Tana Redman’s love for art history fueled her passions in museum studies, and allowed her to use both of these skills in her current job as Curator at the Laura Ingalls Wilder Museum in Mansfield, Missouri.
Receiving a BA in Art History with a minor in Museum studies in 2016, Tana was a dedicated student in the Art + Design Department. “I am a proud Bear,” Tana exclaims, “I absolutely loved my time at Missouri State.”
As an undergraduate, while interning at the Laura Ingalls Wilder Museum, Tana was offered the position of Collections Technician. She was later promoted to Collections Manager, and promoted again to Curator last summer. Though, Tana does a lot more than curating for the museum. “Typically larger museums would have separate staff members for say, the curator, archivist, and registrar,” explains Tana, “Here, I am all of those, and more.” She even works in areas such as museum education and outreach.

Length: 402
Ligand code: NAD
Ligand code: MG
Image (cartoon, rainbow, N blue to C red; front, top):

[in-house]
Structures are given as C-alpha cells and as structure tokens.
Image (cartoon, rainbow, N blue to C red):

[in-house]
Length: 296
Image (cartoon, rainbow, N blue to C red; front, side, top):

Her day-in-the-life varies expansively, seeing as she’s usually working on multiple projects at once. “There is always work to be done in one of the historic homes, the museum gallery, or in my office,” shares Tana, “I am not confined to the same scenery. […] I like the versatility of my position here.” Tana’s biggest project this year involves a documentary set to air on PBS in December, she’s been working alongside the research team. The much-loved Little House on the Prairie series, written by Laura Ingalls Wilder, has quite the reach; last year the museum had visitors from 49 states and 38 countries.
As for students looking to work in museum studies, Tana says, “Do it! There are plenty of positions available all over the world. It’s a very versatile field that will test your creativity at times.” She recommends volunteering at museums and applying for internships. “You wouldn’t believe the number of times these turn into jobs,” encourages Tana, “Experience is very important in the field.” Tana offers all students, no matter what area of study, additional, encouraging advice. “Stick with it,” Tana assures, “[And] talk to professors; they are there to help you.”
Majors and minors don’t necessarily define your trajectory following college, but they can aid you in discovering how to combine your interests, like Tana. “There is no right way to do college, as long as you are working on a degree,” she shares.